Sonic the Hedgehog 3, “Lava Reef Zone, Act 1”
I don’t know what it is about Lava Reef Zone. Do I love it because it’s a burst of high-speed freedom after the long slog of Sandopolis? Is it the first tangible hint of the intensity of the endgame? Was there a time in my youth when I attempted to play the entirety of Sonic 3 & Knuckles in one sitting, and Lava Reef coincided with a transition from blind exhaustion to a second wind? I don’t know.
All I know is that of all the superb tracks in Sonic 3 and Sonic & Knuckles, this one has a special place in my heart–there’s something urgent in its tone, but it’s far more upbeat and uptempo than the music in the zone that precedes it.
In its full, complete form, Sonic 3 & Knuckles is one of the best side-scrollers I’ve ever played. If you were on the other side of the console wars of the ’90s, do yourself a favor and go check it out. I think you’ll find it a particularly rewarding experience.
Streets of Rage 2, “Under Logic”
Let’s be frank: the soundtrack to Streets of Rage 2 is pure, unadulterated sonic gold. Yuzo Koshiro is the man.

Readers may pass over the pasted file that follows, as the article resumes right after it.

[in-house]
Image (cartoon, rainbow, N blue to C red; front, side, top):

And the funny thing is, Koshiro worked on the SNES as well: He’s responsible for the soundtracks for ActRaiser and Super Adventure Island, both of which are relatively good… but they’re good. They’re not this. This is the kind of music that you don’t want to come on while you’re driving for fear you’ll get pulled over for speeding. You don’t want this to come on while you’re at a party–you might get so pumped that you roundhouse kick someone in the jaw.
This music is dangerous, is what I’m saying. And while there are plenty of superb tracks on the SNES, I can’t think of a single game on the system that sounds like Streets of Rage.
Jurassic Park, “Visitor’s Center”
This might be pushing the boundaries of what’s tasteful with the Genesis’s synth “guitars”, but I don’t know anyone who actually managed to slog through the Genesis version of Jurassic Park, get to the final level, and not be excited by this music.
The vast majority of the game’s soundtrack was ambient, low-key, and generally inobtrusive–it was there to build tension, as the game was relatively terrifying: if a velociraptor appeared out of a nowhere, it was even odds you were about to be disemboweled. The Tyrannosaurus popped through the wall in at least four different levels to say “hi” and devour you whole.
It didn’t help, of course, that the game’s controls were only vaguely connected to what was going onscreen. God help you if the developers wanted you to jump and grab a ledge. Hope you had your Game Genie ready.